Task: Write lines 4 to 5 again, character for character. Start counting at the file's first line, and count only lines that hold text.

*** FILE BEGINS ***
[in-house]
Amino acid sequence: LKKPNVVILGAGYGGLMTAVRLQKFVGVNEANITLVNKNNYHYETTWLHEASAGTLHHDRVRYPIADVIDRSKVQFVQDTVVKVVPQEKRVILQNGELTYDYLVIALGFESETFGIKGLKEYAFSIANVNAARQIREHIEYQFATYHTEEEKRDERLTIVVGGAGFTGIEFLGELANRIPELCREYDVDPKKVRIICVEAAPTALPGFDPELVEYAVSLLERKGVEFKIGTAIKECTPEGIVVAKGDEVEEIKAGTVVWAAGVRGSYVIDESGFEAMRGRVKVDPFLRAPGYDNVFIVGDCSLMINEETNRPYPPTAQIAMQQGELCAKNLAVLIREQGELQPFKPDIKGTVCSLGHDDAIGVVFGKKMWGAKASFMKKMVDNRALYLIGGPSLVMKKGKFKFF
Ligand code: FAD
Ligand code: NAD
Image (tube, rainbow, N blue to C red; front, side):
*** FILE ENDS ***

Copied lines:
Ligand code: NAD
Image (tube, rainbow, N blue to C red; front, side):